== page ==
Music is at the heart of FAINT PROMISE OF RAIN. The setting for the story—16th century Rajasthan in Northwest India—had already been laid down by multiple visits to that stunning part of the world, where temples and fortresses rise up from golden sand, where textiles are jewel-toned, and the sky is devastatingly blue. Take away the power lines, and everything else looks much as it must have five hundred years ago.
The next story layer came in a very different shape: a class in kathak dance, a classical storytelling art from North India.
The moment I set foot into the dance studio, I was smitten. Jingling ankle bells, syncopated rhythms of the tabla (drums), precise footwork, lightning fast turns punctuated by perfect stillness. The moments of silence in music sometimes speak more than the notes themselves.
In kathak, the dancer becomes an instrument. In addition to studying dance technique and compositions, the dancer must become intimately familiar with the cycles in which Indian classical music is structured—the 16 beat cycle (tintal), the 14 beat (dhammar), the 10 beat (jhaptal) and many others—and develop an awareness at all times of where in the cycle she finds herself. Much as a writer must bear in mind at what point in the narrative arc she finds herself. In addition, dancers memorize their compositions and recite them in a series of mesmerizing syllables that roll off the tongue: kita taka tun tun na tete dha dha dhin dha kita dha dhin dha. The hundreds of small brass bells around their ankles lend music to every step, a hushed, whispered jingle mimicking a drizzle of rain, a deafening jangle indicating an exploding storm. And then there are the sounds of the feet, sharp slaps of entire soles coming down hard on the floor, deep drumming of heels, soft pats of tapping toes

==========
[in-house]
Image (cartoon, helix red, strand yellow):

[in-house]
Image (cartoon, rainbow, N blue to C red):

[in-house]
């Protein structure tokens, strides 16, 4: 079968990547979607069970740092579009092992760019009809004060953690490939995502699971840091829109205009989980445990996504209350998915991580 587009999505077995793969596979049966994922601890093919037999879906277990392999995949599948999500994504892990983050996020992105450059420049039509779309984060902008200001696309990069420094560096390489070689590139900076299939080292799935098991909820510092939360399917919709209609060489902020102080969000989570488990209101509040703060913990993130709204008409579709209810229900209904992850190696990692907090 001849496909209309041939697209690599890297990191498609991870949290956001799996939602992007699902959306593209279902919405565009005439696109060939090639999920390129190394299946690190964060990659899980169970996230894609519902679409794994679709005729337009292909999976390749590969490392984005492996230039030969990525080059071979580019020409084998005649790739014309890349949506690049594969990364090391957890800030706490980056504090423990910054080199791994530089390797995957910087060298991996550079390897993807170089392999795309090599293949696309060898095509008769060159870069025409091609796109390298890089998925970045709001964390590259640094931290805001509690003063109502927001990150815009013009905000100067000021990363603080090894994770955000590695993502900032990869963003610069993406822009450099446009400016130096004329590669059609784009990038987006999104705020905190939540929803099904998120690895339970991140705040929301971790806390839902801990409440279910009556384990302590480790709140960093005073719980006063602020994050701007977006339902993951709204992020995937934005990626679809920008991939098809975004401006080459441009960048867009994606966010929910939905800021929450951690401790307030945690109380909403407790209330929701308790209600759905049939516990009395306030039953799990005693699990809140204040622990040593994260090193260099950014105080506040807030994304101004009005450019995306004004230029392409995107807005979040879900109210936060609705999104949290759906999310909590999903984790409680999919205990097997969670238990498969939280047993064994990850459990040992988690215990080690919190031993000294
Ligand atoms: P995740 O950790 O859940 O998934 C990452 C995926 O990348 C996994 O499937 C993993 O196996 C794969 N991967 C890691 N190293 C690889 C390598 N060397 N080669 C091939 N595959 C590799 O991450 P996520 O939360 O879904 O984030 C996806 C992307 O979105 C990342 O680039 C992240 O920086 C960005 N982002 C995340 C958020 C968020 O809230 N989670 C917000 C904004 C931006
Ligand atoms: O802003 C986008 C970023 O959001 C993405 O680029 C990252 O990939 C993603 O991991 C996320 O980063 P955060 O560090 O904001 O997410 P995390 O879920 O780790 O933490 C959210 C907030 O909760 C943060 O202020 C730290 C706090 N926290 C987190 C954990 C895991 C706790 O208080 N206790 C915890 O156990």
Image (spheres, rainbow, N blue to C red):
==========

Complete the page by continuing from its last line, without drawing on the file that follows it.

I began to attend class weekly, and afterwards I jotted down new compositions and patterns so as not to forget them, making up my own system for recording what for generations has been an oral tradition. I tried to put on paper what my body was learning. It was a new form of research, and it rapidly bled into my fiction writing. A story had started forming in my mind, based on the history of kathak, a branch of which goes back to medieval Rajasthan.
From the moment I started writing the book, I tried to maintain an awareness of the power of rhythm in writing. Word choice, sentence length, the sounds of the syllables on the tongue all contribute to the experience of absorbing a story. When it came time, in the manuscript, to convey through words a moment of dance, I found myself dancing the piece in my dining room, or in my head if I was writing in a café, willing the feeling of the music and movement to flow out of my body through my finger tips and into the keyboard. I tried to hear the musicality in the raindrops of the city’s first rain in five years, in the beat of hooves as a horse galloped over searing sand, matching their sounds to dance patterns.
After drawing writing inspiration from movement and music, I now draw movement and intonation inspiration from the words, enhancing the readings with kathak gestures, and modulating my speech to match the rhythm of the words. A full circle, as in a musical cycle.
Anjali Mitter Duva is an Indian-American writer raised in France. She is the author of FAINT PROMISE OF RAIN (She Writes Press, October 2014) and a co-founder of Chhandika, a non-profit organization dedicated to the Indian classical dance form called kathak. Educated at Brown University and MIT, she lives near Boston with her husband and two daughters. Visit her at her website.